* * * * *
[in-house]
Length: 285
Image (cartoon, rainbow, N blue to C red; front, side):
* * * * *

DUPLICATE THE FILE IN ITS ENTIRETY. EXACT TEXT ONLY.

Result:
[in-house]
Length: 285
Image (cartoon, rainbow, N blue to C red; front, side):